As follows, is what was originally a very long comment on a post by Thom Brooks about the Life in the UK test.

I am posting it here, instead of there, ONLY because I do go on, and it got to be so incredibly long that I didn't want to clog up Thom's page with it. NOT because I disagreed with a couple of things that he said, so wanted to run off to post a rant like so many internet soapboxers users do these days.

Not at all! I am in complete agreement with Thom. So I hope that this will be taken in the (light) spirit in which it was meant.

First, it is useful to listen to the BBC's most recent You and Yours programme, and then read Thom's post, both of which can be found here at his blog.

Back already? All caught up? Excellent.

Two weeks ago, I took (and passed - happy days!) the Life in the UK test and, earlier today, listened to Thom’s comments about the test on You and Yours.

I agree that much of the content is out of date, but feel this is to be expected. To update the materials each year would be at further cost, likely passed on to the test taker...which is another issue, in my opinion, after the fee recently jumped from £34 to £50 (I missed the £34) - now taking the overall cost of permanent settlement in the UK (aka ILR) to over £1000 (then, another £900 12 months later for citizenship).

I was admittedly quite bitter about having to take the test after 9 years in the UK (long story), but ultimately found it useful in many ways, and feel that Thom’s comments about the test lacking British history were slightly misleading.

There is an intimation that no aspects of history are covered, which is incorrect; migrants over the decades who helped develop the country, the Second World War, women’s rights and Scotland/Wales/Northern Ireland devolution are all accounted for.

Albeit - yes - only in brief.

Whereas, including words such as Churchill, Heath, Cromwell, BBC, Plymouth, Labour, Tory - and perhaps even J Arthur Rank*, East India Company and what means 'At Her Majesty's Pleasure'**! - would certainly not go amiss.

* As a film maddie, this may be a bit self-indulgent.
** Joking. I guess.

There should be MORE about what it actually means to be a part of this country and LESS about on what date Valentine's Day falls, what do British people eat at Christmas and who were founding members of Council of Europe (not to be confused with European Council).

I felt that also misleading - and somewhat contrary to the point Thom was making about the test content - were his comments about many people with whom he’s come into contact failing the test due to erroneous information given as study material.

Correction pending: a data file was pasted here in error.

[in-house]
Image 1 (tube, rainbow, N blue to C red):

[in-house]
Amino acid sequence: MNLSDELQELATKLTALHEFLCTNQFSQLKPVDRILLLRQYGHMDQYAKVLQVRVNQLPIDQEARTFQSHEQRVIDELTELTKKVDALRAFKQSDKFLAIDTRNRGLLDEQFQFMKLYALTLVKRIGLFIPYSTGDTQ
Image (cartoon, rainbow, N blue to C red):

As Thom states, tests are mostly about memorising information than anything else - therefore, given the availability of study guides (I personally found the gocitizen.co.uk website 1000 times more useful than the books), I can not agree at all with his suggestion that people fail due to out-of-date information.

It is not an ideal situation, but this is not the US (Yet! I left there to get away from it, but feel we are gradually turning until Little America here!), who (and, therefore, their citizenship test, one conjects) must always be seen as leading by example and win, win, winning!

On a lighter note…

Thom's suggestion about involving those who've taken the test on what sort of content should be included is a very good one: but why stop at academics? My ongoing nemesis that is the UKBA have record of test-taker data - how about assembling a cross-section of people of different background and age to share their feelings on the test and what they would’ve liked to have been asked to learn?

While the majority probably couldn’t be bothered, surely there are enough people like me and Thom who would be happy to spare the time and effort to help make improvements for the future.

Which brings me to a related point...

Now I’ve finally taken the test, I personally feel that it should be taken on arrival rather than simply in order to meet a requirement 2/5/10 years down the road.

It seems rather ridiculous for people to be learning how to get a National Insurance no., a driving licence, at what age their children will be tested in school and if their neighbours eat turkey AFTER they've been here for a number of years, no?

For example: New arrivals are given a six-month window to take the test...for £10, rather than £50...perhaps even making it voluntary so that one can get it out of the way early on if they know (believe) they will be making the UK their permanent home.

I realise this would not work in all cases, but think the idea has its merit.

I feel a letter coming on!!

Perhaps best to wait until my long-suffering ILR application is finally submitted, though...

Tick tock goes the clock.